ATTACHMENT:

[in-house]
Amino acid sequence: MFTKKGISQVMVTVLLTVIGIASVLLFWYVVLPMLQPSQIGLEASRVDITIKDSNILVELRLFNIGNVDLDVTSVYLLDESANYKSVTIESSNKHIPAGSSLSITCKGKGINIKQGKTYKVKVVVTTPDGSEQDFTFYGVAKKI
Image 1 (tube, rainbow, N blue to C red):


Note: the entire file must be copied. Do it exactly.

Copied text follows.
[in-house]
Amino acid sequence: MFTKKGISQVMVTVLLTVIGIASVLLFWYVVLPMLQPSQIGLEASRVDITIKDSNILVELRLFNIGNVDLDVTSVYLLDESANYKSVTIESSNKHIPAGSSLSITCKGKGINIKQGKTYKVKVVVTTPDGSEQDFTFYGVAKKI
Image 1 (tube, rainbow, N blue to C red):